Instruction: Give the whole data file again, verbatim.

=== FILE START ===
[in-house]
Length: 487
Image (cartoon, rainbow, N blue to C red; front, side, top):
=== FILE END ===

[in-house]
Length: 487
Image (cartoon, rainbow, N blue to C red; front, side, top):